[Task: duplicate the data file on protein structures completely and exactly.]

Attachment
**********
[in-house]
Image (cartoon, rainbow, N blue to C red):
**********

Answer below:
[in-house]
Image (cartoon, rainbow, N blue to C red):